The most common resolution for any new year is to lose some weight and get into shape. While both may be linked together, some already consider themselves to be in decent shape but want to shed the few pounds that crept up since the summer.

During the past few years, individuals prescribed Ozempic® for diabetes control have lost significant weight as well. This has encouraged its maker, Novo Nordisk, to develop Wegovy, which is the same active ingredient, semaglutide, for weight loss. Semaglutide increases activity of glucagon-like peptide-1 (GLP-1), which is known to reduce hunger, and slow stomach emptying, both resulting in the intake of fewer calories.

But this comes with an increased risk of developing several adverse conditions. Further, it’s an injectable, which is a “no-thank-you” for trypanophobics.

Therefore, dietary supplements along with lifestyle modifications are the sensible and safe way for people to slim down slowly, steadily, and healthily. As such, the key objective is to provide supplements and beverages that work to help manage appetite, manage stress associated with dietary changes and restrictions, and support long-lasting energy that can be used to burn calories via workouts.

Losing weight is a simple equation, which should be easy even for arithmophobics. One pound is 3,500 calories: when 3,500 calories are net expended, one pound is lost. Conversely, when 3,500 calories are net gained, one more pound shows up on the scale.

A calorie is a unit of energy. So, think of it this way: what comes in must be used. The more energy units you use, the more weight you lose; the more you store, the larger your core (and frankly, all over).

Diet aside, the easiest way to burn calories is to exercise. For most people embarking on a slim-a-thon, the idea of going to the gym is a significant obstacle. But there is another, less stressful way to increase caloric expenditure: NEAT, or non-exercise activity thermogenesis. NEAT occurs during common daily activities, such as performing household chores and work duties, cooking, and even fidgeting and standing.

Authors of a study on NEAT write, “These high-effect NEAT movements could result in up to an extra 2000 kcal of expenditure per day beyond the basal metabolic rate, depending on body weight and level of activity…. The benefits of NEAT include not only the extra calories expended but also the reduced occurrence of metabolic syndrome, cardiovascular events, and all-cause mortality.”

Paraphrasing Isaac Newton, a body in motion tends to stay in motion. But sustaining a chipper energy is often difficult for many people. Several supplements can help the body create energy, such as vitamin B12, l-carnitine, and ginseng, to name a few. But the perennial prime energy supplement that people turn to is caffeine.

How Caffeine Creates Energy

Coffee lovers can feel themselves perking up after several sips of coffee. And for many, a caffeinated soda provides a fresh, bright-eyed jolt in the afternoon. According to one review, caffeine is classified as a central nervous system stimulant and it has key mechanisms of action on the CNS that create energy. Caffeine enhances neurotransmitter activity, chiefly dopamine and acetylcholine. Dopamine blocks adenosine receptors in the brain that normally signal that it’s time to sleep. Caffeine also generates the release of catecholamines, chiefly adrenaline, through the sympathetic nervous system. This speeds up heart rate and signals the liver to release sugar into the bloodstream for energy production.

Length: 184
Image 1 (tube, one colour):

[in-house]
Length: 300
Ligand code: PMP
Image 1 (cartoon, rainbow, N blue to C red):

Getting Off the Caffeine Rollercoaster

Caffeine is desirable for energy enhancement and is proven to provide it. However, whether it is consumed through a beverage or a supplement, caffeine tends to provide its effects within the first 35 minutes and lasts approximately three to five hours, tops. This usually requires consumption several times throughout the day including the mornings. For many, this is just not easy to do.

Another downside of consuming caffeine several times per day is that it can create “jitters,” that super-charged nervous energy that feels both amped up and depleted. This is often followed by the crash, where the vigor swiftly dissipates, leaving the person feeling foggy and slow. To climb back out of this slump, more caffeine is consumed, and the rollercoaster ride continues to loop.

The Best Caffeine Supplement

Considering that caffeine provides energy that people feel rather immediately, it is sensible to reason that caffeine would make a powerful supplement that consumers can take in the mornings and pre-workout. But the issue that most caffeine supplements have is that they just don’t last.

The solution is a caffeine supplement that delivers this energy-producing agent in a way that sustains so that there is no peak hyper-energy followed by deflation.

And there is one—CaffXtend, aptly named. Developed by pioneers in sustained-release technology for nutraceutical applications, CaffXtend provides approximately 12 hours of energy production—a full day’s work.

CaffXtend delivers 100% caffeine in a natural matrix and provides 12 hours of enduring physical and mental energy, without the caffeine crash, in a single dose. This is a great supplement for those beginning to work out for the first time, or after years, to enjoy the energy that they may not otherwise have.

This claim is supported by a pharmacokinetic study showing extended Tmax by a stunning 391% and a longer half-life by 22% compared to an equal dose of natural caffeine. Additionally, participants reported a better mood and higher alertness, as well as a lesser perception of tiredness and jitters.

For those who are embarking on a 2024 refresh and reset by losing weight – whether it’s 10 pounds or 80 pounds, CaffXtend can be a reliable tool to ensure steady, healthy energy throughout the day, every day.

Posted by:Shardul Yeole